Understanding that this pilot project is about exploring opportunities the iPads offer to help further our learning, both inside and beyond the walls of our school, we are going to have to take some risks. We are not going to have all of the answers or a foundation of knowledge and experience to guide us, which is somewhat daunting when we think about handing the students their iPads first thing Tuesday morning. What we do know is that we are open and committed to the learning that we, alongside our students, are going to experience during this process. And it is just that, a process.

First and foremost we hope to inspire our students to reach beyond the boundaries of our school to access, use, create and share their learning in ways that they may not otherwise be able to accomplish without the constant accessibility of an iPad. Second, we as learners hope to gain knowledge and skills that will help us incorporate mobile learning resources for the benefit of our students through consistent reflection and sharing of the successes, challenges and further learning opportunities of the project.

The notion of continuous learning, growth, and taking risks is not only going to be experienced by our students in this project, but our teachers as well.  As we continue to strive and grow in all levels of our organization, we are seeing that enthusiasm to take risks in learning happening with educators, which in turn will trickle down to our students.

As I read their statement regarding their commitment to learning and this “process”, I could not help to think that even if things don’t work out and the project “fails”, is there truly a lack of success when students, teachers, and organizations take risks to further their own learning?  To have this happen though, it has to be modeled continuously and consistently by leaders to create an “innovative culture”.

“It is high time we start applying the principles of innovation to the way we run our organizations. Innovation is not just about creating new products (or new social networks, for that matter). It is about change, creation, and new pathways, so it is just as applicable to management and the way we run our organizations as it is to products or social media. Management, after all, is really just a tool—a technology we use to help run our organizations.” Notter and Grant

Process and Product

About seven years ago, I successfully ran a full marathon in under 3 hours and 19 minutes.  For someone who was not athletic and had lost a lot of weight, this was quite an accomplishment.  One of the things that I distinctly remember about that event was when people were amazed at the accomplishment and would often say things such as, “Wow…that must have been such a hard race.”  I remember telling them that it was not actually the race that was hard, but it was the training.  The race only happened on one day but I had trained for over four months, running (literally) thousands of kilometers in the process.  I would wake up often at 5 am and go for some short (20 k) runs and I would often spend Saturdays running training distances over 30 kilometers.  I am literally exhausted thinking about it right now and do not know how I ever did that.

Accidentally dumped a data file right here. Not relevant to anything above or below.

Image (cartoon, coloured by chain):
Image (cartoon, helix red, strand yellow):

From the training, I remember one day when I decided to try my hand and running 36 kilometers with no water.  This was an extremely stupid idea.  I ran 18 kilometers one way, and then about 10 the other.  Leaving me about 8 kilometers in the middle of nowhere on the side of the road.  My legs could just not run anymore.  I had to go to a farm house and ask to use their phone when they asked me, “Did you car break down?”, and I had to sheepishly tell them that, no, I just could not run anymore.  I called a friend who came and picked me up from the side of the road and took me to the hospital to treat me from heat exhaustion.  I learned to run with water after that day. :)

It is nice to look back and laugh at that moment now because I came out okay, and eventually ran a great race.  But how many people knew about the major failure that I had that day?  How many had just assumed that I was extremely athletic and running had come second nature to me?  My physical education teacher knew that I could barely do the “12 minute run” in our Canadian Fitness Testing program (the worst week in gym class ever).

Tie that to our classrooms.  How many of our students think that we just “know” things because we are adults and it just comes to us?  I have repeatedly stated that we need to make our learning transparent to our students, but I think it is essential that we know it is the process of learning that we need to share, not only the product that comes out of it.   Blogging has taught me a huge amount of humility as I often receive messages about grammatical errors or spelling mistakes, but it has also taught me that an idea sitting in my head will only lie there dormant.  For it to grow, and to take advantage of the vast knowledge of people that I am connected to (online and offline), I need to share the process of what I am learning.  In this “publish then filter world” that Clay Shirky talks about, I have realized that the world is very forgiving of the mistakes when they see the effort.

As educators, we have to really try and push through the idea that things have to be perfect before we can “release” them to the world.  When we truly trust others, we know that they will help us along the process and be comfortable with us falling/failing on the way to whatever we are pursuing.  We need to realize that when we are waiting to release the “perfect” product, others will still think it is not perfect, and they could have probably been just helping you a long time ago.

We need to remember that the process of learning is much more important for our kids to see than the product of our learning.